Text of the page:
Anthony McIntyre
Sunday Tribune 25/01/1998

Had the philosopher Albert Camus have lived, and were he inclined to show an interest, his observation on politics here may well have been: ‘every thing republican which exalts the peace process adds at the same time to its absurdity’. This is all the more likely given the events of recent days. The peace process has acted as midwife to both the Heads of Agreement document which reinforces partition, and a situation on the ground where many nationalists increasingly express the view that they are now as defenseless from the unionist onslaught as they were in August 1969.

From an unreconstructed republican perspective the central flaw of the peace process lies in its logic, dynamic and parameters, all of which have combined for some time now to mould a partitionist framework which has served to predetermine the type of outcome republicanism had for long stood rock solid against. The process in unprecedented fashion produced what no other strategy, republican or otherwise managed in such a concentrated period of time. In a four year time span three major British-Irish initiatives - The Downing Street declaration, the Framework document and the Heads of Agreement document - all reaffirmed the unionist veto, a veto which means nothing other than a declaration of intent by the British state to remain in Ireland until the unionists say otherwise.

The republican leadership’s fudging of this central point particularly in relation to the Framework document when it proclaimed that the latter was an acknowledgment that partition had failed rather than a statement of intent by both governments to work partition in a new form, in many ways set the parameters of any future negotiations and created the context in which the Heads of Agreement document emerged. That the document was not even dressed up with what Professor Henry Patterson once termed the ‘necessary nonsenses’ to keep republicans on board is a result of London and Dublin’s attitude toward not in the main Sinn Fein but the IRA.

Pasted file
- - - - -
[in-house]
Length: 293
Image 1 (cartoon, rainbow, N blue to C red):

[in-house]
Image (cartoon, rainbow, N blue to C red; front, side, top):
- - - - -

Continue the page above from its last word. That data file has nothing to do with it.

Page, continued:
That the pattern of increases in the overall Sinn Fein vote in the intervening period could not produce a London/Dublin paper more nationalistic than the Framework document indicates that the party is largely irrelevant to the overall strategic considerations of the two governments.

Following the breakdown of the last cease-fire the IRA resumed its Northern Irish campaign only to have it ridiculed by one senior RUC member as a ‘pathetic grubby little war’. Significantly, for the first time since the Mason era British state security personnel were briefing journalists that the IRA had been militarily defeated. While the British have made a habit out of both misreading and underestimating the IRA, the inevitable impairment caused to the organisation by prolonged cease-fire gave London and Dublin grounds to believe that they could present nationalists with just about any proposals. If the IRA were unable to resist then happy days for both governments. Sinn Fein can huff and it can puff but unlike the IRA cannot blow the house down.

It is inconceivable that Northern nationalists would have gained any less had republicans viewed the talks process as a dog does a lamp post. Just like selling a horse to buy a saddle, the price to be paid for the inclusion of republicans in the talks was the exclusion of republicanism. Furthermore, the Sinn Fein leadership’s strategic orientation to the right - until recently not as pronounced since the days of Sean Russell’s leadership - which has led it into association with what is effectively an anti-IRA alliance comprised of the Dublin government, the SDLP and corporate Irish America could only but seriously weaken republicanism’s anti-partitionist thrust. Those elements have always been much more hostile to the IRA than to British involvement in Ireland. Was the republican tail ever seriously going to wag that dog?

Admittedly, while consistent enough in stating that an internal solution would not work that alliance has equally consistently been prepared to accept a non-internal solution which would leave partition intact. And this is crucial to understanding that a very real cleavage does and should exist between republicans and partitionist nationalism (that strain of nationalism which accepts unity only with consent). A non-internal solution which leaves the British proclaiming that they will remain in Ireland until the unionists ask them to go is every bit as partitionist as what exists at present. What changes is that in the management of partition Dublin has a greater role. And when a similar idea was mooted through the Anglo Irish Agreement in 1985, the Sinn Fein leadership credited the British state with success insofar as it tied Dublin into its own strategy as a junior partner.

Things sometimes change in order to stay the same. Indeed.



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